Reviving a river: From the field
Yesterday, we celebrated the first step to removing the huge Great Works Dam on the Penobscot River. Today, you’ll hear from the head of our Maine field office, Laury Zicari. This office has done a tremendous amount of work to ensure that measures are taken to avoid, minimize, or compensate for the impacts on fish and wildlife from dams along the Penobscot.
Greetings from the Great State of Maine and the Maine Field Office!
I have worked in Ecological Services for about 22 years, transferring to Maine last year. This a great place to do the work of the U.S. Fish and Wildlife Service. Any map of Maine will show you the long history connecting our state with fish. You’ll see many marvelous fish-related names derived from the language of the Native Americans that lived here long before European settlers arrived:
- Cobbosseecontee – Abenaki for “plenty of sturgeon”
- Kenduskeag – Abenaki for “eel place or eel weir place”
- Passagassawakeag – Malecite for “place for spearing sturgeon by torchlight”
- Passamaquoddy – Abenaki or Micmac for “plenty of pollock jumping”
- Wassookeag – Abenaki for “shining fish place”
- Alamoosook – Anglicized Malacite for “at the fish spawning place”
- Mattamiscontis – Abenaki for “alewife stream”
- Mattawamkeag – Abenaki for “fishing place beyond gravel bar”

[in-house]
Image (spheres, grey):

- Androscoggin – Abenaki for “place where fish are cured”
- Medddybemps – Passamaquoddy-Abenaki for “plenty of alewives”
(From Brian McCauley’s “The Names of Maine – How Maine Places got their names and What They Mean,” 2004)
….You get the picture, and a hint at how important migratory fish must have been to the first inhabitants of Maine.
Unfortunately, the above fish–alewives, shad, salmon and sturgeon–are no longer “plenty” in most streams and rivers in Maine. Access to their spawning grounds had been blocked for over a century by barriers, including dams to raise lake levels for recreation, dams constructed to produce power for mills, and later, dams to generate electricity, and road-stream crossings that impede passage by being too small or hung in the air.
Atlantic salmon numbers plummeted too, and federal and Maine state scientists hypothesize that the decline in all migratory fish (fish that spend part of their life cycle in the ocean, and are spawned and reared in freshwater) is caused by a combination of the loss of access to spawning and rearing habitat coupled with poor marine survival for decades.
One ES program in particular is directed and devoted to helping provide a remedy – the conservation planning assistance (CPA) program. CPA biologists ensure that measures are taken to avoid, minimize or compensate for federally funded, authorized or constructed project impacts on fish and wildlife.
Staff from the Maine Field Office, along with our fishway engineers stationed in Hadley, Mass., and colleagues from the Penobscot Indian Nation, Maine Department of Marine Fisheries, and the National Marine Fisheries Service, provide technical assistance to the Federal Energy Regulatory Commission (FERC), U.S. Army Corps of Engineers and hydropower generation companies, the state and other federal agencies to develop ways to get those migratory fish up, over, around and through barriers to their migratory movements.
This summer we’ll be watching in excitement at the continued dismantling of Great Works Dam, the first of the major changes brought about by the Lower Penobscot Settlement with FERC.
Over the next few years, we look forward to sitting on the banks of the Medddybemps and seeing “plenty of alewives” again.
This is part of a series on fish passage. Read the other blog posts here.